If Trump manages to be elected for a second term and someday tries to overstay his time in office, the research done by Versteeg and her colleagues suggests that popular resistance by the American people may be the most effective bulwark against this kind of authoritarian move. Versteeg and her colleagues observe that the Colombian Constitutional Court’s successful prevention of President Alvaro Uribe’s run for a third term is the only instance since 2000 in which a court successfully blocked a president from overstaying in office. Instead, in most cases where presidents failed to achieve their ambitions of staying in office after their term expired, it was widespread popular resistance that accounted for a president’s failure.

The fact that legally enshrined term limits are often insufficient to stop presidents from violating even constitutionally protected term limits shows that law alone is insufficient to create an effective unpluckable feather. An effective unpluckable feather must be enshrined both in law and in the hearts of the nation’s citizens. We must collectively value our democracies enough that would-be autocrats are removed from office, either through impeachment or failure to be reelected, when they attempt to violate core aspects of our democratic system such as term limits. We must be vigilant against democratic backsliding. This includes not getting so attached to short term partisan victories that we come to value party victory more than preservation of liberal democracy.  In short, we must agree that within the rich plumage of our democracy there are certain feathers that simply cannot ever be plucked.

 

Mark Satta is an Assistant Professor of Philosophy at Wayne State University in Detroit, Michigan. His research interests include epistemology, the examination of philosophical questions that arise in law, and social and political philosophy, broadly construed.

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2 Comments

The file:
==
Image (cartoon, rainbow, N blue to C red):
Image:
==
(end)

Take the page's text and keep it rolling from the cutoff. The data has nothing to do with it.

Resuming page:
1. Pierre-Etienne Vandamme

    Thank you for the interesting post!

    I wonder whether the argument applies equally to all positions of political power or with more strength for Presidents. The argument against term limits would be that, in a properly functioning democracy, the reiteration of elections forces representatives to care about their reelection and therefore about what citizens demand. Is it something we can more safely expect at lower layers of power? What makes the Presidential position different, more sensitive? The power to change the rules of the game?

    • Mark Satta

      I think this is an important question—thanks for asking! My position is that term limits are generally a good thing. For example, I live in the US and we’d be much better off if Supreme Court Justices served fixed limited terms rather than for life. (This is not so much due to abuse of power by the Justices but rather because of the political significance that surrounds their appointments.) I’d be happy if all elected positions of high governmental power (including legislators) were limited to some extent.

      That said, I do think the importance of term limits is different in kind for presidents compared to most other government positions because of the greater ability presidents have to consolidate their power and to turn a democracy into an autocracy. No matter how long an individual legislator or judge remains in power, they will probably never be able to pull off such a feat. The exception here is prime ministers. There are certainly prime ministers who have used executive aggrandizement to create autocratic states. I focused on presidents because it’s a bit of a cleaner case given that presidents are not part of legislative bodies and their mode of election is more consistently direct election by the general population. But I take most of what I say here to apply to prime minsters as well.